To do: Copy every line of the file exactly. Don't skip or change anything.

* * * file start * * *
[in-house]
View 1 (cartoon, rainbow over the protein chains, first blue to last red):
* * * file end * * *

[in-house]
View 1 (cartoon, rainbow over the protein chains, first blue to last red):